The surprisingly simple hack tricked PayPal into giving the researcher access to his own account
A computer security researcher said it took him less than five minutes to bypass PayPal’s two-factor authentication, a feature intended to provide an extra layer of security in addition to a password.
Researcher Henry Hoggard said he recently needed to make a payment but was in a hotel that didn’t have mobile phone reception, and so was unable to receive PayPal’s authentication token, which is ordinarily sent via text message.
“Luckily for me PayPal’s (two-factor authentication) took less than five minutes to bypass,” he said in an advisory.
The technique he uncovered involved requesting another two-factor option that allows users to answer security questions.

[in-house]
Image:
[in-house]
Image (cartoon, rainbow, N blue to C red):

Hoggard found that he could enter any response for the questions, then modify the data sent by his browser to PayPal to make the site believe he had answered correctly.
The hack involved removing the “securityQuestion0” and “securityQuestion1” strings from the browser post data, Hoggard said.
Password security fears
He reported the issue to PayPal in early October and it was reported as fixed on Friday, he said. He received payment for the flaw through PayPal’s bug bounty scheme.
The bug would have allowed anyone who knew a user’s password to make payments using their account – exactly the situation two-factor authentication is supposed to prevent.
A number of recent password breaches affecting millions of users of major websites, including LinkedIn and Yahoo, have led to further hacks where the same username and password was used on other websites.
Are you a security pro? Try our quiz!